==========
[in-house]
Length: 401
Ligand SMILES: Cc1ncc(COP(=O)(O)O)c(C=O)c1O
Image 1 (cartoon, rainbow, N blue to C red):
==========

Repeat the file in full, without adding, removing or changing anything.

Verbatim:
[in-house]
Length: 401
Ligand SMILES: Cc1ncc(COP(=O)(O)O)c(C=O)c1O
Image 1 (cartoon, rainbow, N blue to C red):